DUBAI, United Arab Emirates (AP) - The United Arab Emirates said Sunday that four commercial ships off its eastern coast “were subjected to sabotage operations,” just hours after Iranian and Lebanese media outlets aired false reports of explosions at a nearby Emirati port.
Emirati officials declined to elaborate on the nature of the sabotage or say who might have been responsible. However, the reported incident comes as the U.S. has warned ships that “Iran or its proxies” could be targeting maritime traffic in the region, and as America is deploying an aircraft carrier and B-52 bombers to the Persian Gulf to counter alleged threats from Tehran.
Tensions have risen in the year since President Donald Trump withdrew the United States from the 2015 nuclear deal between Iran and world powers, restoring American sanctions that have pushed Iran’s economy into crisis. Last week, Iran warned it would begin enriching uranium at higher levels in 60 days if world powers failed to negotiate new terms for the deal.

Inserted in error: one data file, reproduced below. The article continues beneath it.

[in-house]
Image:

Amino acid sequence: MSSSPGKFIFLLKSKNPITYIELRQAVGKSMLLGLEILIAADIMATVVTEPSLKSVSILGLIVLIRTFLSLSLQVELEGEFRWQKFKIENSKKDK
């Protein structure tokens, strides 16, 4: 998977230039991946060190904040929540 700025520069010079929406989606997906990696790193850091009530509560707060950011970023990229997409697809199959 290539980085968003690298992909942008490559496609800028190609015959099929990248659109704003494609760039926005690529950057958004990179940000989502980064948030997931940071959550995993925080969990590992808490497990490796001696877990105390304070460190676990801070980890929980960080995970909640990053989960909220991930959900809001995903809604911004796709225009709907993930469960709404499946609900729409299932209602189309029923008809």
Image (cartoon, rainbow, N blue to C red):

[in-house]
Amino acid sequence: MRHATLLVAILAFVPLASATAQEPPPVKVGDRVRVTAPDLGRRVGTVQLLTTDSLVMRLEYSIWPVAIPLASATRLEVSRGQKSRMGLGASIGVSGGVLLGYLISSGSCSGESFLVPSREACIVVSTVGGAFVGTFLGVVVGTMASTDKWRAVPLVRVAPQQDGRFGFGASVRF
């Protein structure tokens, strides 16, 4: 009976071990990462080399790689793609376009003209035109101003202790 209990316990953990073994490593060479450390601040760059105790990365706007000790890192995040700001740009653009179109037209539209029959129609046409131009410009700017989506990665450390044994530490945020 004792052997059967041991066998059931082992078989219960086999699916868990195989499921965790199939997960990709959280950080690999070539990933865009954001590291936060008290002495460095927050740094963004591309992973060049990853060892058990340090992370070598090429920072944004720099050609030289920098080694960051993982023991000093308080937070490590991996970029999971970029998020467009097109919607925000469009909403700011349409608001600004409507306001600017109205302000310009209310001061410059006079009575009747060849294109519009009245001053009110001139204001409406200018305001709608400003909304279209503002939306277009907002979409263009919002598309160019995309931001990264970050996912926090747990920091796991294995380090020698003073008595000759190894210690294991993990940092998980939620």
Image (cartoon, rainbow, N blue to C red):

The statement from the UAE’s Foreign Ministry put the ships near the country’s territorial waters in the Gulf of Oman, east of the port of Fujairah. It said it was investigating the incident “in cooperation with local and international bodies.” It said there were “no injuries or fatalities on board the vessels” and “no spillage of harmful chemicals or fuel.”
The U.S. Navy’s 5th Fleet, which oversees the region, did not immediately offer comment on the incident. Emirati officials declined to elaborate while their investigation is ongoing.
Earlier Sunday, Lebanon’s pro-Iran satellite channel Al-Mayadeen, quoting “Gulf sources,” falsely reported that a series of explosions had struck Fujairah’s port. State and semi-official media in Iran picked up the report from Al-Mayadeen, which later published the names of vessels it claimed were involved in the incident.